What are our rights?

These are some of the universal human rights conventions that we work to make sure are upheld  and realised:


Universal Declaration of Human Rights



ICESCR (Social Rights) International Convention on Economic, Social and Cultural Rights



ICCPR (Political Rights) International Convention on Civil and Political Rights



ICERD (Racial Discrimination)



CAT (Prevention of Torture)



CEDAW (Women's Rights)



CRC (Children's Rights)



ICRMW (Migrant Workers' Rights)



CRPD (Disabled Persons)



CPED (Enforced Disappearances)



Convention on the Prevention and Punishment of the Crime of Genocide



Convention Relating to the Status of Refugees



Protocol to Prevent, Suppress and Punish Trafficking in Persons Especially Women and Children




ILO Conventions

1. Freedom of Association and Protection of the Right to Organise Convention, 1948



2. Right to Organise and Collective Bargaining Convention, 1949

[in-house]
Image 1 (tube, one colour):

3. Forced Labour Convention, 1930



4. Abolition of Forced Labour Convention, 1957  



5. Minimum Age Convention, 1973



6. Worst Forms of Child Labour Convention, 1999  



7. http://www.ilo.org/dyn/normlex/en/f?p=NORMLEXPUB:12100:0::NO:12100:P12100_INSTRUMENT_ID:312245:NO

Equal Remuneration Convention, 1951  


8. Discrimination (Employment and Occupation) Convention, 1958


Latest news

BDS is a legitimate means of protest against human rights abuse, says War on Want

14 December 2017 - 12:15pm

Campaigning for BDS is a legitimate means of protest, a fact that has been affirmed time and time again by bodies such as the European Union. It’s effectiveness is one of the main reasons why there is an organised campaign led by the Israeli government to shut it down. Students have every right to use their democratic rights to organise and exercise freedom of expression, and should be applauded for calling out violations of international law and human rights abuse.

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Was it too much to expect the WTO to deliver for women?

14 December 2017 - 12:00pm

Argentina, host for this week’s World Trade Organisation, welcomed hundreds of government representatives to Buenos Aires to negotiate the rules of the global trade in goods, services and ecommerce. Lagging far behind other international fora, the WTO made attempts to draw attention to the impact of trade on gender equality, and correspondingly the impact women’s economic productivity can have on trade.

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